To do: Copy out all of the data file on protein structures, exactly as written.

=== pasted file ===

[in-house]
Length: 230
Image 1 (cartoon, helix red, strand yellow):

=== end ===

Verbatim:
[in-house]
Length: 230
Image 1 (cartoon, helix red, strand yellow):